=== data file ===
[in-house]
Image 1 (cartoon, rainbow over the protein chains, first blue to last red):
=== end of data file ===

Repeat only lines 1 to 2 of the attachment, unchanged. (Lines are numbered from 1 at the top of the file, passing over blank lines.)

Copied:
[in-house]
Image 1 (cartoon, rainbow over the protein chains, first blue to last red):